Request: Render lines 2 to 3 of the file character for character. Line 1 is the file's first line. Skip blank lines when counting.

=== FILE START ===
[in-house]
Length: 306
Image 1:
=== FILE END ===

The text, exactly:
Length: 306
Image 1: